An oral examination candidate will appear before three members of the Board or three professionals selected by the Board. A candidate who fails the oral examination once may retake it without retaking the written examination.
Tennessee also mandates jurisprudence examination, but this is open book and can be completed on one’s own time. An applicant will submit the completed exam with his or her application. An applicant who does not pass will need to re-submit the document; the application file cannot be considered complete until the examination has been completed successfully.
Applicants who have held licensing in any healthcare discipline, past or present, will be required to submit clearance; the form is included in the application packet.
Out-of-state alcohol and drug counselors can be considered for reciprocity. Reciprocity applicants do not go through the entire examination process but do need to submit the jurisprudence examination.
The Application Process
Application forms can be downloaded from the website of the Tennessee Department of Health (http://tn.gov/health/article/AD-applications). The applicant will submit a case study along with a three page paper that outlines his or her treatment philosophy; guiding questions are found in the application packet.
The applicant will provide a notarized birth certificate. Third party documents are to be sent directly to the Board.
The applicant will need to provide two recent character letters from professionals in mental health disciplines; at least one is to come from a professional who is licensed as an alcohol and drug counselor.
The licensing agency requires a criminal history check. The approved vendor is Identogo. The Department of Health has provided detailed instructions for both in-state and out-of-state applicants (https://www.tn.gov/health/health-professionals/criminal-background-check/cbc-instructions.html). Out-of-state applicants may have their prints made locally, then submit them for electronic processing.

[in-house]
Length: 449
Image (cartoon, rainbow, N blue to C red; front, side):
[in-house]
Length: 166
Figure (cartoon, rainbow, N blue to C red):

Application, regulatory, and licensing fees total $310.
The applicant will fill out a mandatory practitioner profile questionnaire; information will be made available to the public..
Final approval is granted by the Board. Applications are accepted on an ongoing basis but must be received well in advance of a meeting in order to be placed on the agenda.
Alcohol and drug counselors are expected to complete 15 contact hours of continuing education a year. Continuing education may take the form of academic coursework or of other approved activities such as events sponsored by professional associations. Certain types of training activity are not creditable (https://www.tn.gov/health/health-program-areas/health-professional-boards/ad-board/ad-board/continuing-education.html).
Licensing information is available from the Tennessee Department of Health (https://www.tn.gov/health/health-program-areas/health-professional-boards/ad-board/ad-board/about.html). The Board can be reached by telephone at (615) 741-5735 or (800) 778-4123.
Additional resources include the Tennessee Association of Alcoholism and Drug Counselors (http://www.naadac.org/tennessee) and the Tennessee Association of Alcohol, Drug, and Other Addiction Services (https://www.taadas.org/membership-info). TAADAC is the Tennessee NAADAC affiliate.